Anyone who has looked at the job market for voice instructors will see Kristin Linklater listed as one of the sought-after systems of education. Her approach to vocal production is specifically targeted at actors, and is heavily based upon the movement philosophy of F. Matthias Alexander (Alexander Technique). In essence the philosophy, as the title implies, rests in relaxation so that the voice can work to its capacity. When the voice is forced in any way, it becomes restricted. :ikewise, when the body is tense, the voice can be restricted. Ms. Linklater addresses the means to free the voice through recognition and elimination of those factors which restrict it.
Ms. Linklater eschews the "technique" approach to vocal production common to most speech teachers. While she gives articulation its due, she does not believe in "standardized" speech, but rather encourages the student to "find his own voice".
Her method is not one which can be consumed in a single semester, but rather is a lifestyle choice. She herself recommends an hour of practice a day for at least a year before the system can begin to be assimilated.
Her book has many valuable insights, such as "Muddy thinking makes clear articulation difficult", which help keep the student focused. There are also many valuable self-awareness and relaxation exercises in this text which anyone might employ.
If you are a theatre practitioner, this book is a must read.
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5 of 5 people found the following review helpful
5.0 out of 5 stars This new and expanded 2nd edition is a gem., August 19, 2007
This review is from: Freeing the Natural Voice: Imagery and Art in the Practice of Voice and Language (Paperback)
This new and expanded second edition is a gem. Hundreds of pages of clear, easy to follow exercises and commentary are presented in a step-by-step format that allows actors (and speakers in general) to progress at their own pace no matter what their level of experience. The vocal exploration is made even more enjoyable by the lighthearted and effective drawings found throughout. This is required reading for anyone interested in developing a more free and expressive vocal instrument.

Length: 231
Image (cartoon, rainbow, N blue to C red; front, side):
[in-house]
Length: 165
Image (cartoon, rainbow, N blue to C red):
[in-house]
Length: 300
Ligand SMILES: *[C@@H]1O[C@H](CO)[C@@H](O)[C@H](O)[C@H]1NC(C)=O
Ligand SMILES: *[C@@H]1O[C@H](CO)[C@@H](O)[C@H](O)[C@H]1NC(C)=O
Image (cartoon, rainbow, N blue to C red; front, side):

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7 of 8 people found the following review helpful
5.0 out of 5 stars An amazing tool, August 7, 2008
By 
Richard J. Flis (INDIANAPOLIS, INDIANA United States) - See all my reviews
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This review is from: Freeing the Natural Voice: Imagery and Art in the Practice of Voice and Language (Paperback)
Took a workshop with a teacher of the Linklater method. I was hooked. A former singer and actor, a car accident left me with a permanent trach and very little speaking voice. These exercises are helping me to recover volume and expression in my voice. I watched the effects of the exercises on "normal" participants and was blown away.

Don't try to reinvent the method- give it a real try as is. I think it would be extremely valuable when working with new actors. Teaching projection can be tough but this leads right to it.
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Freeing the Natural Voice: Imagery and Art in the Practice of Voice and Language